The recently imposed travel restrictions by both British and US aviation authorities on the carrying of personal electronic devices while in the cabin of the aircraft have been criticized on safety grounds by the European Aviation Safety Agency.
The European agency argues that the ban on allowing passengers to carry any PED(personal electronic device) larger than a smartphone in the cabin, and forcing passengers to carry any larger device in their hold luggage presents a major fire risk.
As was widely covered last year with the explosive Galaxy S7 Note, the lithium batteries in many devices do hold the potential to catch fire. So as the agency as well as the European Cockpit Association, which represents over 38000 pilots, argue the piling of all PED's in the hold with no supervision leads to a major risk of in-flight fires.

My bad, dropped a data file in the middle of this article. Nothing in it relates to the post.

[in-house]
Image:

The US/UK ban comes in light of increased risks of terrorist explosive devices now being potentially small enough to be disguised as components within a laptop. That would theoretically be detonated against the cabin wall mid-flight, with catastrophic consequences.
The UK and US ban only applies to 8 Middle Eastern and African countries and the respective UK, US agencies argue that they have consulted and considered the potential outcomes and evidence. Along with the European authorities, they have stressed that it is imperative that any PEDs in the hold must certainly be switched off and be packed carefully to avoid accidental activation.